Markets allow people to allocate scarce resources among themselves through cooperation instead of conflict. A voluntary exchange of water rights moves water from lower- to higher-valued uses. If a buyer values water less than a seller does, then the trade will not happen. Water markets can also encourage conservation if a user who conserves water is able to lease or sell that saved water to other users. A farmer who saves water by increasing irrigation efficiency, for instance, might sell the conserved water to a downstream city for residential use or to a conservation group for maintaining fish habitat. Whether a short-term lease between two farmers, a longer-looking transfer between a city and an irrigation district, or any other voluntary agreement to trade water, markets encourage efficient use of a scarce resource.

    Before water can be traded, however, users must know who has rights to how much of the resource. As in many western states, water users in Arizona collectively have paper rights to more water than is available in reality. The state has sought to resolve such conflicts through a process called general stream adjudication, whereby all water claimants in a river system participate in a single court case that clarifies and defines rights among users.[10] The situation is somewhat akin to bankruptcy proceedings. Many parties have claims to a resource and, in aggregate, the claims exceed the total amount of the resource available. The justice system intervenes to settle the claims, prioritizing them by the date they were originally made.[11]

    Uncertainty around water claims undercuts the ability of markets to deliver efficient use and encourage conservation. Where water rights are clear, market approaches can lead to win-win solutions among competing users. In addition, markets starkly contrast with top-down, mandated water reductions that are common in some states and localities, which force all users to cut back on water with no regard to the relative value of their different uses. Reforms that expedite adjudications and promote water markets can encourage efficient use of the resource and promote conservation measures that will help Arizona address water scarcity challenges in the short and long term.


    Expedite adjudications to help water-rights owners clarify and secure their property rights.

    In Arizona, two general stream adjudications in the Litter Colorado River and Gila River watersheds have been ongoing for decades. These adjudications involve tens of thousands of claimants across a large swath of the state, including farmers, municipalities, tribes, and federal agencies.[12] Resolving claims among such a vast number of parties is inherently complex and time-consuming. For instance, a hydrographic survey issued by the state in 1990 as part of the Little Colorado River adjudication received 3,456 objections.[13] Despite the fact these adjudications began decades ago, they have yet to be settled, leaving every one of those users uncertain about the status and security of their water rights.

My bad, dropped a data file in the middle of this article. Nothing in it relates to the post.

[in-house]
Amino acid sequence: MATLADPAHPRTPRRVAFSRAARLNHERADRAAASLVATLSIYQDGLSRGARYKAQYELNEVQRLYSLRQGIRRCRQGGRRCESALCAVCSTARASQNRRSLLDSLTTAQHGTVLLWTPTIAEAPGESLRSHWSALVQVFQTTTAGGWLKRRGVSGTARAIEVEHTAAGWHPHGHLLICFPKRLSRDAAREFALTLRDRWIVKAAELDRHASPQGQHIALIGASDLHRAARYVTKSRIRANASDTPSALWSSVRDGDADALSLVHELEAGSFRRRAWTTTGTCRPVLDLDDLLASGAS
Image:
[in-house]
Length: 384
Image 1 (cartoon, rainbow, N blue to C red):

The state could take several steps to expedite such adjudications. First, establishing a specialized water court to oversee general stream adjudications and related litigation could help reduce the cost, delay, and uncertainty of the process. The highly specialized and expansive nature of such adjudications means that the process demands particular expertise and sizable resources. Idaho and Montana have created specialized courts to oversee general stream adjudications, and Colorado is the only western state with permanent water courts.[14] Special masters have been employed in general stream adjudications in Arizona, but given the protracted nature of these proceedings, the state should consider establishing a specialized court with dedicated funding to speed up the process.

    Second, the state could provide additional funding and direction to the Arizona Department of Water Resources (ADWR) to expedite the hydrographic survey reports and other technical data analysis that state law requires it to prepare for adjudications. Adjudications have stalled for years waiting for state officials to compile these reports. While it may be more politically appealing to propose spending for new water infrastructure, providing funds to help expedite adjudications would yield significant benefits by clarifying water rights and clearing the way for efficient transfers and use of water.